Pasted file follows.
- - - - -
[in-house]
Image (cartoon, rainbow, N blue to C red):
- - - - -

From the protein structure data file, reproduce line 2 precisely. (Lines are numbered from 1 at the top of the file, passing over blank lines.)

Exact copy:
Image (cartoon, rainbow, N blue to C red):